Cognitive tasks affect the relationship between representational pattern similarity and subsequent item memory in the hippocampus

Published: 13 June 2023| Version 2 | DOI: 10.17632/y699ghr4z4.2
Rachel Diana, Ye-Lim Lim


Episodic memories are records of personally experienced events, coded neurally via the hippocampus and surrounding medial temporal lobe cortex. Information about the neural signal corresponding to a memory representation can be measured in fMRI data when the pattern across voxels is examined. Prior studies have found that similarity in the voxel patterns across repetition of a to-be-remembered stimulus predicts later memory retrieval, but the results are inconsistent across studies. The current study investigates the possibility that cognitive goals (defined here via the task instructions given to participants) during encoding affect the voxel pattern that will later support memory retrieval, and therefore that neural representations cannot be interpreted based on the stimulus alone. The behavioral results showed that exposure to variable cognitive tasks across repetition of events benefited subsequent memory retrieval. Voxel patterns in the hippocampus indicated a significant interaction between cognitive tasks (variable vs. consistent) and memory (remembered vs. forgotten) such that reduced voxel pattern similarity for repeated events with variable cognitive tasks, but not consistent cognitive tasks, supported later memory success. There was no significant interaction in neural pattern similarity between cognitive tasks and memory success in medial temporal cortices or lateral occipital lobe. Instead, higher similarity in voxel patterns in right medial temporal cortices was associated with later memory retrieval, regardless of cognitive task. In conclusion, we found that the relationship between pattern similarity across repeated encoding and memory success in the hippocampus (but not medial temporal lobe cortex) changes when the cognitive task during encoding does or does not vary across repetitions of the event.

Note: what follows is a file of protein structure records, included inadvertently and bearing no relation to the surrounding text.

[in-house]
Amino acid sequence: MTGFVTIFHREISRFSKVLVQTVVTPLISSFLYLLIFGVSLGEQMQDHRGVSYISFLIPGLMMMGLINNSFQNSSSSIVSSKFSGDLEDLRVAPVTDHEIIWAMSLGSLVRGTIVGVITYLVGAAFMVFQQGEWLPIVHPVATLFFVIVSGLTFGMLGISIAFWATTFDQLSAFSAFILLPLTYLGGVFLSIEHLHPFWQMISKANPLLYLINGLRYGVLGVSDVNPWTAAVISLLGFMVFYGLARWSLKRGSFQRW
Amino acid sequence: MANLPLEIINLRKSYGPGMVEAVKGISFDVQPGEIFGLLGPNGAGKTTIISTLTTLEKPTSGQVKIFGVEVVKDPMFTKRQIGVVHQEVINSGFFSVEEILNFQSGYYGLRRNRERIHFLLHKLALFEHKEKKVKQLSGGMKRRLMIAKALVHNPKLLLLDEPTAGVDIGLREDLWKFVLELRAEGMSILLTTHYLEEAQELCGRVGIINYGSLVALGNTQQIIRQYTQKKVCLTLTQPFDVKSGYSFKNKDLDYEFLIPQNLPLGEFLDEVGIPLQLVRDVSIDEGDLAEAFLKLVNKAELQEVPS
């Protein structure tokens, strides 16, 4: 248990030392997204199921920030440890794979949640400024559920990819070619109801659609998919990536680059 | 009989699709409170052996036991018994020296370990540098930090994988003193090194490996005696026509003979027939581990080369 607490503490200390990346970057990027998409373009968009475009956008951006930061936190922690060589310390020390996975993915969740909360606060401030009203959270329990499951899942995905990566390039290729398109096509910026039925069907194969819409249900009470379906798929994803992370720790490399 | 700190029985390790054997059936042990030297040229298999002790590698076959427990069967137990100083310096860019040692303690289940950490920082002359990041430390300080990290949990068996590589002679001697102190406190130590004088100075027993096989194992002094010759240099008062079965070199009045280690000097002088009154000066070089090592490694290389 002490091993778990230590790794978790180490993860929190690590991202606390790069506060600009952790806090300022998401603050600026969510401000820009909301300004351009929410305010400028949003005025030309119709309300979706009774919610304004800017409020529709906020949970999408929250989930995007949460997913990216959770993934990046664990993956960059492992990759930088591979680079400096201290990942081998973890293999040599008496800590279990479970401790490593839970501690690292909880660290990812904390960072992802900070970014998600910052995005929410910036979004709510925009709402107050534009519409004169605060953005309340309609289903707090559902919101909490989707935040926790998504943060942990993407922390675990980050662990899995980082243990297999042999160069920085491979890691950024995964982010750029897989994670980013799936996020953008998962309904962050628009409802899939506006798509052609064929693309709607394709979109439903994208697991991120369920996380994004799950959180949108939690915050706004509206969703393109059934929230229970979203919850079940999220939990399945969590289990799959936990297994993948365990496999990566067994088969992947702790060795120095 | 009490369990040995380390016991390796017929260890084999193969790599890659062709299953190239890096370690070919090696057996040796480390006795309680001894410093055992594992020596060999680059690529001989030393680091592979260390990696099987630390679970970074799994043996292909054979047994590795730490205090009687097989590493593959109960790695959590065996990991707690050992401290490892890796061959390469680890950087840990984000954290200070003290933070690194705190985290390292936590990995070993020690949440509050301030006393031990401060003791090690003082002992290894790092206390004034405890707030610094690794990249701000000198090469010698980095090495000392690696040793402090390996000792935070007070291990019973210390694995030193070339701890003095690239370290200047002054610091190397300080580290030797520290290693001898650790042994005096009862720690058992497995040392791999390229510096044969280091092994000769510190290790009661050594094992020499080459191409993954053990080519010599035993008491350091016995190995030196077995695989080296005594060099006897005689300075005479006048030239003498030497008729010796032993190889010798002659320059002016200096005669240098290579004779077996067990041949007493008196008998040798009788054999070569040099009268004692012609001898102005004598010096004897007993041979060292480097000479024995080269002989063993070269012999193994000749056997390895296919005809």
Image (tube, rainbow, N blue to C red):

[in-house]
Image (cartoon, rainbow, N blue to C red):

Steps to reproduce

see registration at: remaining 3 subjects' fMRI data at:


Virginia Polytechnic Institute and State University


Functional Magnetic Resonance Imaging